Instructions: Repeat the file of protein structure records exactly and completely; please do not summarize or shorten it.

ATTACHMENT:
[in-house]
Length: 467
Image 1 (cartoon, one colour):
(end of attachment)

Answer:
[in-house]
Length: 467
Image 1 (cartoon, one colour):